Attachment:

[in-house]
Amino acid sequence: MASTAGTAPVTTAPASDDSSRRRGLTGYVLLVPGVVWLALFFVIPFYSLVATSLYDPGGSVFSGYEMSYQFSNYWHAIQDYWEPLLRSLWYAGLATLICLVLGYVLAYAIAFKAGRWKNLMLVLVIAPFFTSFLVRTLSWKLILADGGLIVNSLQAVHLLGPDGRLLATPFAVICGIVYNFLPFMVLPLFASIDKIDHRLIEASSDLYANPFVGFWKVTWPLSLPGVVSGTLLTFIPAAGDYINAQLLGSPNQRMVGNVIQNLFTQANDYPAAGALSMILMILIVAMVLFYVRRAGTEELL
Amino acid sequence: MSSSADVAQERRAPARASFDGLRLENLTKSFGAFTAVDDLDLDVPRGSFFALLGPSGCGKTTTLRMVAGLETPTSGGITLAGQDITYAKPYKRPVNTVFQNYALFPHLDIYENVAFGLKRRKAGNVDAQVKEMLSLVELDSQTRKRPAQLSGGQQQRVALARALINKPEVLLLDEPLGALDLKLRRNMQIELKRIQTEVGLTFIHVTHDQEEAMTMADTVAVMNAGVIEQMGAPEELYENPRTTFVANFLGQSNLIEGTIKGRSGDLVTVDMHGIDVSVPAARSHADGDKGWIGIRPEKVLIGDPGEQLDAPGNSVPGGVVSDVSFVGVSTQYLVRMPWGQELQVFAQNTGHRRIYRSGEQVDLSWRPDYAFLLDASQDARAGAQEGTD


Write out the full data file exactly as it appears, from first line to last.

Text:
[in-house]
Amino acid sequence: MASTAGTAPVTTAPASDDSSRRRGLTGYVLLVPGVVWLALFFVIPFYSLVATSLYDPGGSVFSGYEMSYQFSNYWHAIQDYWEPLLRSLWYAGLATLICLVLGYVLAYAIAFKAGRWKNLMLVLVIAPFFTSFLVRTLSWKLILADGGLIVNSLQAVHLLGPDGRLLATPFAVICGIVYNFLPFMVLPLFASIDKIDHRLIEASSDLYANPFVGFWKVTWPLSLPGVVSGTLLTFIPAAGDYINAQLLGSPNQRMVGNVIQNLFTQANDYPAAGALSMILMILIVAMVLFYVRRAGTEELL
Amino acid sequence: MSSSADVAQERRAPARASFDGLRLENLTKSFGAFTAVDDLDLDVPRGSFFALLGPSGCGKTTTLRMVAGLETPTSGGITLAGQDITYAKPYKRPVNTVFQNYALFPHLDIYENVAFGLKRRKAGNVDAQVKEMLSLVELDSQTRKRPAQLSGGQQQRVALARALINKPEVLLLDEPLGALDLKLRRNMQIELKRIQTEVGLTFIHVTHDQEEAMTMADTVAVMNAGVIEQMGAPEELYENPRTTFVANFLGQSNLIEGTIKGRSGDLVTVDMHGIDVSVPAARSHADGDKGWIGIRPEKVLIGDPGEQLDAPGNSVPGGVVSDVSFVGVSTQYLVRMPWGQELQVFAQNTGHRRIYRSGEQVDLSWRPDYAFLLDASQDARAGAQEGTD